I'm sorry, but I couldn't possibly explain that sentence about the Beginning in 100 words. As with every bit of Hegel's system, it makes sense only as part of the whole story. This is especially true of the Logic, and even more particularly true of the way it begins. He is not boasting when, in the Introduction to the Science of Logic, he remarks that his method is the only true one. 'This is self-evident simply from the fact that it is not something distinct from its object and content; for it is the inwardness of the content, the dialectic which it possesses within itself, which is the mainspring of its advance.' (Miller translation, p 54.) (So much for the attempt of the 'Marxists' to steal this dialectic from Hegel, and to install it like a second-hand gearbox in the clapped-out old machine called materialism.)
When it comes to the beginning, there is no way to explain it outside the whole shooting-match. Hegel's task was to take the fragmented world which was growing up in Europe after the French Revolution, and show that it was really a unity. But this unity could only be grasped in thought, in a scientific system. 'The True is the Whole.' If you just started with a beginning which was given from the outside, an assumption, an axiom or set of axioms, Aristotle's 'commonly held opinions', or the like, human freedom could not be grasped. God was no longer available for duty as the guarantor of the world. That is why, as he explains, his entire edifice has to be generated by two elements: the beginning and the procedure. The Science must begin without any presuppositions and continue with the only possible method. 'The concept of the Science and therefore the first concept ... must be grasped by the Science itself.' (Smaller Logic, para 17.) We must not start with anything 'mediated', and have to begin with 'pure thought', hence with 'pure being'.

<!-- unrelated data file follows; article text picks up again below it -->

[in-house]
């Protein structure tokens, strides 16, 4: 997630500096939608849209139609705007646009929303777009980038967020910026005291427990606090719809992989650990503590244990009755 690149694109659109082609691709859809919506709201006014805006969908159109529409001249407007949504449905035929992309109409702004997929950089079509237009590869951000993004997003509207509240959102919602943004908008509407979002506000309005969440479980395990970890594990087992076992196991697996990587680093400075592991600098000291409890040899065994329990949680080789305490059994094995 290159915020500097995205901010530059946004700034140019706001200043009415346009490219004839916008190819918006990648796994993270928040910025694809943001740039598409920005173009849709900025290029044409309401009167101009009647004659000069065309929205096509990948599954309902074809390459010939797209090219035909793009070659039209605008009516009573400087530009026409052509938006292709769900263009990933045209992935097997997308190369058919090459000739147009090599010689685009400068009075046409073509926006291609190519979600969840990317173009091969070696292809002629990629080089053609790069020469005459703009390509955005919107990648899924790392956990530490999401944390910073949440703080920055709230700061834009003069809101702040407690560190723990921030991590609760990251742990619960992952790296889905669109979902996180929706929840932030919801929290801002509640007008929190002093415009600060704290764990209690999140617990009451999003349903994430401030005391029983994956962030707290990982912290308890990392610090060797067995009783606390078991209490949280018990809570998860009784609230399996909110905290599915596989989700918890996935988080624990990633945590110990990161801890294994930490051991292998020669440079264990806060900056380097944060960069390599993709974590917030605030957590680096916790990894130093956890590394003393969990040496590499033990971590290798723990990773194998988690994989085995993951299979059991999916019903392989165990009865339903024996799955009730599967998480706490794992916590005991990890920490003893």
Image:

Marx showed that Hegel's Idea was a pseudonym for Capital. (A good place to see this explained is in the interesting book by Hiroshi Uchida, 'Hegel's Logic and Marx's Grundrisse', Routledge, 1985.) Hegel certainly went beyond the ideas of the political economists in some ways, but he could never criticise their standpoint. And one of their unsolved problems was how the whole business started. 'The accumulation of stock must, in the nature of things, be previous to the division of labour', Adam Smith casually remarks. (Wealth of Nations, Introduction to Book 2.) So, somehow, there have to be capitalists with lots of dosh, before capitalist production can get going. Marx knows different. The 'secret of original (ursprünglish) accumulation' is 'a notorious fact that conquest, enslavement, robbery, murder, in short, force, play the greatest part.' Only after he has thus dispelled the mysterious beginning is Marx ready to explain the end of the tale: the socialist revolution.
So Marx's assimilation of Hegel's system, including its beginning, is embodied in his critique of Hegel's dialectical method, 'the direct opposite' of Marx's own. Marx 'begins' with living human beings. Seen from 'the standpoint of human society and social humanity', the inhumanity of modern life, and the potential it contains for true humanity, are both revealed. Hegel's work, on the other hand, is the highest point of their concealment. (If you feel like it, look at the article I appended to chapter 4 of 'Marx at the Millennium'.)